Two bills on the table in Honolulu could remove thousands of Hawaii vacation rentals on Oahu including Airbnb, VRBO/Homeaway, Booking.com, and others. Under consideration today, both measures 85 and 89 seek to limit rentals under 30 days outside of designated areas. It is estimated that there are nearly 10,000 vacation rental units in Honolulu. With some form of regulation destined to pass, here’s the latest update.
We have stayed at many Hawaii Airbnb rentals ourselves on Oahu, which as far as we know, were all within designated rental areas. Hawaii vacation rentals offer the distinct advantage of frequently better value and more options, kitchen facilities, and an opportunity to not be confined to a hotel block. At the same time, we recognize that vacation rentals can remove important long term rentals and, we know personally that it isn’t pleasant to find rentals in a neighborhood where those are clearly not legal.
One of the bills would create strong enforcement, while providing an opportunity for other residents to seek court action for illegal Hawaii vacation rentals. The other bill has a different and less divisive focus. It makes rentals where owners are present (typically called bed and breakfast) easier, while making non-owner occupied rentals more difficult through greater penalties for those that are illegal.
Here on Kauai, the county cracked down years ago on illegal rentals through use of high technology including Google Maps satellite imagery, and other tools they acquired to corroborate rental listings with specific residences. Owners were then notified that if their rentals were not immediately removed, among other things, they would be subject to increases in property tax of up to 300% which would also be retroactive multiple years!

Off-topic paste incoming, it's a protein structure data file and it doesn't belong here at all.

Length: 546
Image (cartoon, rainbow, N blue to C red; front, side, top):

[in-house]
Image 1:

Airbnb says that pending Hawaii vacation rental bills will adversely impact the economy. “Instead of bringing short-term rental rules on Oahu into the 21st Century and addressing market realities, Bill 89 would largely destroy the alternative accommodations market outside of the resort zones and inflict significant damage on small businesses and the local economy.”
The reality is that the cost of living in Hawaii is so high that residents use Hawaii vacation rentals in an attempt to make extra money just to be able to live here.
In a related court case last month, the Ninth Circuit Court of Appeals affirmed Santa Monica’s vacation rental ordinance, in spite of challenges from both HomeAway/VRBO and Airbnb. That ruling affirmed Santa Monica’s right to regulate vacation rentals to ensure adequate long term rentals for residents.
Kauai, Maui and the Big Island have all approved measures in order to to help regulate Hawaii vacation rentals. Yet at the same time, the State of Hawaii’s recent request to obtain Airbnb’s receipts to check on taxes was denied. At the same time, current issues around tax collection appear to have been largely addressed, leaving the terms of rentals, and rentals in areas outside of transient rental approved zones as the primary issues.
Hawaiian Airlines chimed in on the controversy as well this week, stating in testimony that they believe the industry is essential but needs better regulation. “Short-term rentals within and outside of resort districts have become an expected part of the accommodations inventory in a tourism market, and a well-diversified portfolio of accommodations is an important part of a long-term, sustainable tourism strategy…. Limiting the number and location of short-term rental units should be part of a broader and wider conversation about well-managed tourism.”
We await your take on Hawaii vacation rentals.